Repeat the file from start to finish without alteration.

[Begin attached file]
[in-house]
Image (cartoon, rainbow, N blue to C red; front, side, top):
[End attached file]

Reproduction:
[in-house]
Image (cartoon, rainbow, N blue to C red; front, side, top):